A family portrait of ‘Cake’ cast. (All photos: Courtesy Ras H. Siddiqui)

The comeback of Pakistan’s movie industry (a return to its 1960’s peak) cannot be announced yet, but things certainly appear to be heading in a positive direction. Some observe that it is still stuck in the “Chicken or Egg” argument with filmmakers complaining that the support of paying audiences is lacking and the potential audience saying that they are holding back because Pakistani films are not up to par and not worth the price of a ticket. Online piracy is also a major concern. And the fan following that Pakistani television dramas have developed over the years has still not spilled over into its movies, writes Ras H. Siddiqui.

But every now and then a movie comes out which reminds us that the country and its Diaspora have filmmaking talent. Director/Writer Asim Abbasi’s recently released “Cake” is one such work. It has all the makings of a great film, a well-acted and produced work with a powerful story-line which carries the viewer almost to the point where he or she almost becomes a participant in the story. It also does not run like a television drama which most Pakistani movies gravitate to. The production quality here is almost at par with India’s Bollywood.

The three siblings in ‘Cake.’

“Cake” is not about the sweetness of life and its title is somewhat disarming. It is actually about a family whose story is certainly not a piece of cake! We meet Zareen (Aamina Sheikh) a young woman, the middle child, who is devoting herself to her parents and their agricultural land, while her two siblings Zara (Sanam Saeed) and Zain (Faris Khalid) are overseas rethinking their happiness there (to expatriate viewers this may ring a bell). But they are lucky to have their aging yet amazing parents still with them – father Siraj or Abba (Mohammed Ahmed) and mother Habiba or Amma (Beo Raana Zafar). They are the family anchors, living in modern-cosmopolitan Karachi but retaining their bond with their rural roots in Sindh. “Cake” is certainly about a modern Sindhi family adapting to the 21stcentury at a fast pace possibly due to events beyond its control. To use a term from the game of Cricket, life throws them a googly and they make difficult choices which are not without controversy and a high cost.

Flashback-Three kids (Zareen, Zara and Zain) growing up in a close-knit house along with their friend/household member Romeo (a Christian) amidst tolerance and good times. Time rolls on and Siraj (Abba) is suddenly not in good health. That brings the three siblings plus Romeo (a nurse) back home and not only do they have to face the iconic Amma to whose character Beo Zafar does true justice to, but the outcome of decisions made in the past. In “Cake” Beo surpasses her portrayal of Rosie Khala in Sabiha Sumar’s “Good Morning Karachi (2013) when some viewers last saw her. She is really amazing here as the naughty, no-nonsense matriarch of this family. Let us just say that some of her portrayal as Amma in “Cake” may irritate some conservative nerves. But what a performance!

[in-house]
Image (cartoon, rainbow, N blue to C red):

Mohammed Ahmed as Abba is not far behind even though the female characters in here are far more prominent. He plays a full rainbow of sub-roles in this movie from a Sindhi Patriarch to humorous husband, responsible father and yes, a religiously liberal and tolerant person who accepts Romeo as much more than an outsider. From a sick patient in Karachi to the leader of the family at his ancestral home in rural Sindh, Ahmed carries his role well.

(L-r) Sanam Saeed, Mohammed Ahmed and Aamina Sheikh in ‘Cake.’

But to elaborate on what was mentioned earlier, this movie belongs to strong women characters, the two sisters played by Aamina Sheikh as Zareen and Sanam Saeed playing Zara, both of whom grab our attention and keep it as does Beo Zafar’s mother portrayal. What a wonderful performance by this trio! The sibling rivalry between Zareen and Zara takes center stage and there is even a “catfight” in the mix which was well presented and believable.  So powerful are these roles that one might be distracted enough to overlook the fine background music and songs by Saif Samejo/The Sketchesband. There has even been some buzz about the borrowing of a classic Bollywood R.D. Burman song “Piya Tu Ab Toh Aaja” in this film (trailer). The main numbers “Sajan Mo Khay” and “Meri Duniya” do stand out and fit in quite well.

To conclude this review, one can admit that some effort has purposely been put into not revealing the real story-line here so no “spoiler alerts” need to be issued. ‘Cake’ is a superior film with a universal message, one which reveals itself more after the first set of credits roll through (a clever move so please don’t leave). It reflects some of the tolerance that Sindhi culture is known for. It is not a propaganda film about patriotism and military prowess which have recently sprung up in South Asian film markets. The focus here is on human beings, their problems, decisions, and consequences. It is a movie which all South Asian film fans can enjoy and be moved by.

(Rating 4 out of 5 Stars)